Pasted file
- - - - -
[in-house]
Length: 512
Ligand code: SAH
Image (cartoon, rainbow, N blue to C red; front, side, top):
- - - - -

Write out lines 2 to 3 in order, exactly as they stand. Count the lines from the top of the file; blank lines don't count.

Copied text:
Length: 512
Ligand code: SAH